- Portland, OR – Laid-back west coast living, natural scenic beauty
- Raleigh, NC – “Best Places To Live” winner, research triangle jobs
Preparing For Nursing Practice
To deliver effective, culturally competent care, foreign nurses should understand key realities of working within the American healthcare system:
- Medical terminology – Learn common terms and abbreviations used in U.S. clinical settings.
- Technology – Utilize documentation programs like Epic and messaging apps to coordinate care.
- Insurance – Get familiar with policies, reimbursement protocols and utilization review processes.
- Healthcare teams – Appreciate interdisciplinary nature of care teams with doctors, techs, social workers, etc.
Obtaining Necessary Licenses
Before starting work, foreign nurses must obtain an RN license for their specific state of employment by submitting the necessary application forms, fees, and endorsements. State boards of nursing also provide helpful resources for new RNs including orientation guidelines and best practices for delivering safe care.
Launching A Rewarding U.S. Nursing Career
By following this guide, foreign-educated nurses can attain all the credentials, visa approvals, community connections and clinical capabilities needed to successfully relocate to the U.S. This opens up life-changing opportunities to launch stable, meaningful careers that make a real difference in patients’ lives.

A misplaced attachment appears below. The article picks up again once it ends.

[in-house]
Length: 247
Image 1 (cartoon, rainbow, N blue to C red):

The American nursing profession faces major shortages in the coming years. As the country’s population ages and more individuals gain healthcare coverage, the demand for talented, big-hearted nurses will only keep rising.
Now is the perfect time for ambitious foreign nursing graduates to bring their skills stateside. With grit, passion and the help of this step-by-step guide, they can establish deeply fulfilling lifelong vocations delivering compassionate care while also earning good incomes and building communities in the U.S.
There has never been a better moment to embrace the calling of this essential, noble profession. America needs more talented nurses – and the nursing profession needs dedicated professionals ready to step up.